Subject to Change, version 2.0
I'm a goddamed liberal. Deal with it.


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Wednesday, June 29, 2005
 

Christian Nation, Huh?.

Courtesy of Ed Thibodeau, at Nonplussed: Itís the law of the land, as negotiated by George Washington in a treaty with the nation of Tripoli on November 4, 1796, and ratified by the United States Senate on June 10, 1797:...

[BAD ATTITUDES]
9:29:05 PM    

Dog Pack Politics.

By way of First Draft, we learned that on June 15, Senator Dick Durbin seemed to have no intention of backing down from his statments concerning the torture at Guantanamo Bay:"No one, including the White House, can deny that the statement I read on the Senate floor was made by an FBI agent describing the torture of a prisoner at Guantanamo Bay. That torture was reprehensible and totally inconsistent with the values we hold dear in America. This Administration should apologize to the American people for abandoning the Geneva Conventions and authorizing torture techniques that put our troops at risk...

[Paperwight's Fair Shot]
9:27:51 PM    

Cenk Uygur: Blame it on Boston

Iím tired of all the outrage. Not other peopleís outrage, my own outrage. And I donít mean Iím sick of it; I mean Iím worn out. And just when it looks likes I want to take a breather and write something light and fluffy, Senator Santorum comes along and makes me get back on the treadmill.

What am I going to do with these guys? Look at this quote from Rick Santorum (R-PA) about the Catholic child abuse cases:

ďIt is startling that those in the media and academia appear most disturbed by this aberrant behavior, since they have zealously promoted moral relativism by sanctioning "private" moral matters such as alternative lifestyles. Priests, like all of us, are affected by culture. When the culture is sick, every element in it becomes infected. While it is no excuse for this scandal, it is no surprise that Boston, a seat of academic, political and cultural liberalism in America, lies at the center of the storm.Ē

Okay, okay, he just compared ďalternative lifestylesĒ to pedophilia. And he said the media and university professors are to blame for encouraging this type of child abuse. This guy is unbelievable. The only thing more unbelievable is that a state like Pennsylvania would even consider re-electing this guy.

But Iím beyond it, simply because Iím tired of being outraged at these clowns (if they were just relegated to the sidelines, as all good clowns should be, I could actually be entertained by this sideshow; but itís hard to laugh when theyíre in charge of our government). So, thatís not what inspired me to write about this. It was the Boston comment.

Does anyone remember that Boston is still in the United States? Does anyone remember that we started a little revolution there called Ö the American Revolution? And the men (liberals) who started that revolution were called our Founding Fathers? Even their football team is called the Patriots.

Iím not from Boston (although I had my first radio job there and so it has a little special place in my heart), and Iím annoyed at how much conservatives love to rag on the city. If I was from there, Iíd want to go on the warpath. You donít think weíre tough or patriotic enough, why donít you step in the ring with Tedy Bruschi, Tom Brady and Larry Izzo?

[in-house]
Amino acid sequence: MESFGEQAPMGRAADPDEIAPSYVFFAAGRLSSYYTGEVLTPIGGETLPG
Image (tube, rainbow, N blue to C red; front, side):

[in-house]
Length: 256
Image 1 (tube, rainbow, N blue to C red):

These Republicans act like Massachusetts is a state in France when itís one of our proudest states. If thatís how they feel, why donít they leave Massachusetts and never run another Republican candidate there again?

The other comical (and here I agree with Woody Allen that tragedy and comedy are beginning to meld into one) point of view represented in the above quote is that Boston is somehow responsible for child abuse since it is at the epicenter of liberalism. As my co-host, Ben Mankiewicz, said on the air yesterday, thatís like blaming the conservative culture coming out of Kansas for the BTK killer. In other words, itís asinine.

But then again, these are the same clowns who thought it made sense to attack Iraq because it was in the center of the geographic region where terrorism was coming from. Thatís like Roosevelt saying China is in the center of the geographic region where our enemies in Asia are coming from, so we have decided to attack China instead of Japan for Pearl Harbor.

It would be funny, if it werenít so sad.

- Cenk Uygur

[The Huffington Post | Full Blog Feed]
2:09:48 PM    

A Reuters report on Iraqi reaction to Bush's speech quotes the head of a humanitarian aid group as saying, "Why don't they find another place to fight terrorism?"

[Cursor.org]
2:08:28 PM    

The Bush Speech on the Iraq War

I planned to blog on it in great detail but there was nothing new. It was all about 9/11 and freedom and hard work. The only interesting quote is this one:

Some Americans ask me, if completing the mission is so important, why don't you send more troops? If our commanders on the ground say we need more troops, I will send them. But our commanders tell me they have the number of troops they need to do their job. Sending more Americans would undermine our strategy of encouraging Iraqis to take the lead in this fight. And sending more Americans would suggest that we intend to stay forever Ė when we are in fact working for the day when Iraq can defend itself and we can leave. As we determine the right force level, our troops can know that I will continue to be guided by the advice that matters Ė the sober judgment of our military leaders.

Passing the blame to the military. Not mentioning that there are no more troops to send.